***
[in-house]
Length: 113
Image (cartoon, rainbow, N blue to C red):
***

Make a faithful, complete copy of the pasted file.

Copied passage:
[in-house]
Length: 113
Image (cartoon, rainbow, N blue to C red):